20. The Indo-European Migrations (~1500 – 800 BCE)
Summary In the early 21st century nearly half of the world population speaks a mother tongue which belongs to the Indo-European language family. The languages belonging to this language family likely originated around 4000 BCE among nomadic horsemen in the Pontic-Caspian steppe, they subsequently spread to Europe, to India and to Iran in several waves of migrations. Around 1500 BEC Indo-European peoples entered India, starting the Vedic period, and around 800 BEC the Indo-European Medes, Parthians and Persians entered Iran.
Keywords Domesticated Species; History of South Asia; Languages
Geographic distribution of the Indo-European language family in the early 21st century. Among the shown language branches on this map are the Italic languages (golden), the Germanic languages (red), the Balto-Slavic languages (green) and the Indo-Iranian languages (blue). Apart from the regions marked above, due to European colonialism since about 1500 CE, nowadays Indo-European languages are also widely spoken in the Americas, in Australia and in parts of Africa. (© User:Hayden120 / Wikimedia Commons / CC-BY-SA-3.0)
Since the 16th century European scholars realized that the Indian and the European languages had many similarities. This is why nowadays they are combined into the Indo-European language family. This language family is divided into several branches, such as the Italic language branch which includes Italian, Spanish and French; the Germanic language branch which includes German and English; the Balto-Slavic languge branch which includes Russian and Polish; and the Indo-Iranian language branch which includes Hindustani, Bengali and Persian, among others. Other major language families – besides the Indo-European one – are the Sino-Tibetan language family which includes the Chinese languages and Burmese; the Turkic language family which includes Turkish and Kazakh; the Afro-Asiatic language family which includes Arabic, Hebrew and Somali; and the Niger-Congo language family which includes Swahili, among others. Nowadays, in the early 21st century, the mother tongues of nearly half of the world population belong to the Indo-European language family.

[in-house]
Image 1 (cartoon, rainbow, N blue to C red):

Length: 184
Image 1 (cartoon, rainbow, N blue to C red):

Today’s similarities among the various languages between England and Bengal are rooted in early human migrations which likely started from the Pontic-Caspian steppe north of the Caucasus around 4000 BCE. The people which spoke the Proto-Indo-European language were originally nomads living in that area which today belongs to southern Russia and Ukraine. The horse was likely domesticated by them around that time, and it was useful in war and helped them to efficiently bridge vast distances in Eurasia.
The Indo-Iranian peoples, a sub-group of the Indo-Europeans, appeared in central Asia around 2000 BCE. They split into the so-called Indo-Aryan and the Iranian peoples. The Indo-Iranians migrated into the civilized regions with agriculture and states in two waves, with the Indo-Aryans first migrating to the Indus Valley (in the Vedic period) and to the Fertile Crescent (founding the Mitanni kingdom) around 1500 BCE, and the Iranians – among them Medes, Parthians and Persians – migrating from Central Asia to the western Iranian plateau around 800 BCE. The Indo-Aryan migration to the Indus Valley, and from about 1200 BCE on to the east into the Ganges Plain and to the south into central India, was a particular important event in the history of India, as the Indian caste system originates from that time when Indo-Aryans suppressed the local populace and put themselves at the top of society. The four classes in the caste system which survive until today, from the top to the bottom, are the Brahmins (priests), the Kshatriyas (warriors), the Vaishyas (peasants and merchants) and the Shudras (servants).
An Egyptian painting of the Hyksos riding on horses and using chariots around 1600 BCE. The Hyksos, who were partially Indo-European, invaded Egypt and introduced the horse to Egypt in that time. (© Unknown / Wikimedia Commons / Public Domain)
In the west Indo-Europeans spread to Europe since the 4th millennium BCE. There were various migrations to the Fertile Crescent in the 2nd millennium BCE. The Hyksos, an at least partial Indo-European people, invaded Egypt in 1650 and ruled it for a century. Among other techniques, they introduced the horse and the chariot to Egypt. The Sea Peoples, who invaded the New Kingdom of Egypt, the Hittite Empire in Anatolia and other states around 1200 BCE during the Bronze Age Collapse, were a vast mix of peoples who at least partially were Indo-Europeans. Other Indo-European peoples coming into that area at that time were the Greeks, the Phrygians and the Philistines.
Later three of the four big ancient empires were erected by Indo-Europeans, namely the Achaemenid Empire in Iran, the Maurya Empire in India and the Roman Empire in the Mediterranean Basin. Among the four big ancient empires only the Qin dynasty of China was not founded by Indo-Europeans.